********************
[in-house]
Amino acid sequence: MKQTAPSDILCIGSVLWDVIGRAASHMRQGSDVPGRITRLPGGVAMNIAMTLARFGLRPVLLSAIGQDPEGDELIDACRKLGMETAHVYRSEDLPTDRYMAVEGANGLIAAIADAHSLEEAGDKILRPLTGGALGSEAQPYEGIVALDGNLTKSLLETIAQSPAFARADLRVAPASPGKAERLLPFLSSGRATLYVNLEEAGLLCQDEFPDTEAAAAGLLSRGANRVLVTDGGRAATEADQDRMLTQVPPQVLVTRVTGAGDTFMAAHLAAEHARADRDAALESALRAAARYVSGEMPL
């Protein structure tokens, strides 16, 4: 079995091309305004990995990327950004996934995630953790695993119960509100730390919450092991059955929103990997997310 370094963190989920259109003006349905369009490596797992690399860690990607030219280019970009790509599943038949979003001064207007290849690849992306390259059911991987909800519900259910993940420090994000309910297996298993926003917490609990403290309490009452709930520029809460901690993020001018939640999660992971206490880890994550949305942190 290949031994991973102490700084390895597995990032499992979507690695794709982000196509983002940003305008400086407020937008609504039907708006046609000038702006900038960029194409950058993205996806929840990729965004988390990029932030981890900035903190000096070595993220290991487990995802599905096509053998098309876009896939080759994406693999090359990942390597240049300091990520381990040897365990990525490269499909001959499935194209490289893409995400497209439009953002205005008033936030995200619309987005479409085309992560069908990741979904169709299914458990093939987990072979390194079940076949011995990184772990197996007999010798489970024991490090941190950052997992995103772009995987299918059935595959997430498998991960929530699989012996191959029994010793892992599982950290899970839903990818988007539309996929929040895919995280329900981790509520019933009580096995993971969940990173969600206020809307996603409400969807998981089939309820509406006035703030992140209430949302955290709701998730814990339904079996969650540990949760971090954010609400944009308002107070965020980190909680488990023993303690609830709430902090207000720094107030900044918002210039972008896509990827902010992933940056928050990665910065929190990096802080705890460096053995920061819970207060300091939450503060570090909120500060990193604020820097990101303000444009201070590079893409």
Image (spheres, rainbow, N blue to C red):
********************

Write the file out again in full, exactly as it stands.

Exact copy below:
[in-house]
Amino acid sequence: MKQTAPSDILCIGSVLWDVIGRAASHMRQGSDVPGRITRLPGGVAMNIAMTLARFGLRPVLLSAIGQDPEGDELIDACRKLGMETAHVYRSEDLPTDRYMAVEGANGLIAAIADAHSLEEAGDKILRPLTGGALGSEAQPYEGIVALDGNLTKSLLETIAQSPAFARADLRVAPASPGKAERLLPFLSSGRATLYVNLEEAGLLCQDEFPDTEAAAAGLLSRGANRVLVTDGGRAATEADQDRMLTQVPPQVLVTRVTGAGDTFMAAHLAAEHARADRDAALESALRAAARYVSGEMPL
């Protein structure tokens, strides 16, 4: 079995091309305004990995990327950004996934995630953790695993119960509100730390919450092991059955929103990997997310 370094963190989920259109003006349905369009490596797992690399860690990607030219280019970009790509599943038949979003001064207007290849690849992306390259059911991987909800519900259910993940420090994000309910297996298993926003917490609990403290309490009452709930520029809460901690993020001018939640999660992971206490880890994550949305942190 290949031994991973102490700084390895597995990032499992979507690695794709982000196509983002940003305008400086407020937008609504039907708006046609000038702006900038960029194409950058993205996806929840990729965004988390990029932030981890900035903190000096070595993220290991487990995802599905096509053998098309876009896939080759994406693999090359990942390597240049300091990520381990040897365990990525490269499909001959499935194209490289893409995400497209439009953002205005008033936030995200619309987005479409085309992560069908990741979904169709299914458990093939987990072979390194079940076949011995990184772990197996007999010798489970024991490090941190950052997992995103772009995987299918059935595959997430498998991960929530699989012996191959029994010793892992599982950290899970839903990818988007539309996929929040895919995280329900981790509520019933009580096995993971969940990173969600206020809307996603409400969807998981089939309820509406006035703030992140209430949302955290709701998730814990339904079996969650540990949760971090954010609400944009308002107070965020980190909680488990023993303690609830709430902090207000720094107030900044918002210039972008896509990827902010992933940056928050990665910065929190990096802080705890460096053995920061819970207060300091939450503060570090909120500060990193604020820097990101303000444009201070590079893409």
Image (spheres, rainbow, N blue to C red):